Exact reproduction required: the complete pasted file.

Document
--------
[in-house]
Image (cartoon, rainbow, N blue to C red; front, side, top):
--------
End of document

[in-house]
Image (cartoon, rainbow, N blue to C red; front, side, top):